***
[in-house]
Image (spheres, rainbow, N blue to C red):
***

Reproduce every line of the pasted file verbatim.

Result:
[in-house]
Image (spheres, rainbow, N blue to C red):